Code Wars Over? Coming Soon: One Plumbing and Mechanical Code


History was made on a sweltering day in Denver this past month, when two model code organizations, the International Code Council (ICC) and the International Assn. of Plumbing & Mechanical Officials (IAPMO), announced their intentions to publish one unified plumbing and mechanical code by 2009.

This is indeed an historic event and probably the most significant change in the plumbing and mechanical codes since the introduction of the common code format and the drafting of the “Joint Model Plumbing Code” in 1994.

The ICC, of course, publishes the International Plumbing Code (IPC) and the International Mechanical Code (IMC), while IAPMO publishes the Uniform Plumbing Code (UPC) and the Uniform Mechanical Code (UMC).

The joint announcement was made July 15 at ICC's town hall meeting, where the two groups officially reported on the progress to produce a single model plumbing and mechanical code.

One of the major motivations for a joint code, according to Chris Salazar, president of IAPMO, was the fact that both organizations had been spending large sums of money meeting with various municipalities in order to convince different jurisdictions to use their particular code. This “Code War,” he said, often a daily battle, took intense effort, a huge time commitment and significant travel expenses going all around the country. In fact, Salazar said these expenditures were the largest line item in the IAPMO budget.

“By joining forces with the ICC to produce one model plumbing and mechanical code, the money and personnel resources of both organizations can be better spent on education, producing technical documents or other member services,” said Salazar.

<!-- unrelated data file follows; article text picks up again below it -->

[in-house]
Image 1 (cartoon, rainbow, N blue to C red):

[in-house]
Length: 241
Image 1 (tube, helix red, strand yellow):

As things stand today, code adoption by state looks something like this:

  • IPC-dominant states: 22

  • UPC-dominant states: 12

  • Both model plumbing codes adopted in various communities within a state: 9

  • Third-party or home-grown plumbing code states: 7 (for example, the Plumbing-Heating-Cooling Contractors code in New Jersey)

  • IMC-dominant states: 40

  • UMC-dominant states: 3

  • Both model mechanical codes adopted in various communities within the state: 6

  • Building Officials and Code Administrators National Mechanical Code: 1

If the code wars had continued, each organization would have had to match the other's efforts to fight local code adoption battles. Each organization felt it could maintain its current market position and were dug in for trench warfare.

This was certainly a lose-lose situation. Furthermore, it was also a losing proposition for the communities involved, as they too were spending significant resources comparing the two codes.

The facts

During the town hall meeting, it was announced that the new joint code would be based primarily on the UPC. An integration committee will develop a list of proposed changes for the next round of hearings to create a true hybrid. The titles of the new codes will be the International Uniform Plumbing Code (IUPC) and the International Uniform Mechanical Code (IUMC).

This did not come as good news to a number of attendees present. Several people made passionate pleas to use the IPC as the basis for the new code as they felt recent work reflected in that code was being thrown out.

The IAPMO/ICC panel rebutted this point, reporting that both codes contain about 95% of the same material, with only about 5% of the items significantly different. Again, the integration committee will identify these differences and automatically prepare these items for discussion in the combined code.

It doesn't really matter which code is chosen as the template. What matters is the makeup of the integration committee and the makeup of the ensuing code committees. These committees should constitute a balance of code officials, users and industry representatives who will be able to meet ANSI's requirements for a consensus code-development process.

In fact, at the town hall meeting, I asked the panel to make sure design professionals and consulting engineers are among those included in the code-integration committees. It was also suggested that prerequisites be established, including a minimum level of related experience, education or training. This selection criteria could range from a master plumber's license to CIPE or CPD certification.

Some history